It led to this photo:
What’s so wonderful about this is that every single apostrophe is wrong even in the words which should have one. That takes some doing. It’s slightly disappointing that there are two S’s and an s which don’t have apostrophes, but every s at the end of a word has one. 
Given this level of confusion, part of me is wondering whether one day something like this will happen:
Since the letter s is always used with an apostrophe, the apostrophe becomes part of the letter. First there are two versions, depending on the placement of the apostrophe, but by this stage nobody can remember which is right anyway and it’s such a pain trying to choose between the two different s’s that the two forms merge.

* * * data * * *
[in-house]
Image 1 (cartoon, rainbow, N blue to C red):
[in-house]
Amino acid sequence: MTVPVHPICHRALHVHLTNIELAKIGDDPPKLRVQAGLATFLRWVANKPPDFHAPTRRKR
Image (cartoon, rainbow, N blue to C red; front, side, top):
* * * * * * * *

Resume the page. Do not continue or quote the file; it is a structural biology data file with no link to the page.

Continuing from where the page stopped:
Actually I suspect this won’t happen, since so much English is now typed rather than handwritten. More likely the apostrophe will go out of use unless the very straightforward rules for its use become widely known again. It’s an interesting thought, though. And drawing the illustration gave me an excuse to experiment a bit more with the graphics tablet that arrived the other day.
 S’s as the plural of S is correct: letters of the alphabet are the sole exception to the rule that apostrophes never make plurals. Consider the other ways of doing it and you can see why. With no punctuation, the plurals of a, i and u would be as, is and us, which are virtually impossible not to read as the standard two-letter words. Try giving the a, i and u italics: as, is, us—almost as bad. Or putting them in single or double quotes: “a”s, “i”s, “u”s, ‘a’s, ‘i’s, ‘u’s. It’s hideously messy and looks rather strange. The simplest solution is a’s, i’s and u’s. If you regard the letters as being short for their spoken names, the apostrophe becomes logical for some letters: t’s is short for tees and z’s is short for zeds for example, with the apostrophe representing the omitted -ee- and -ed-.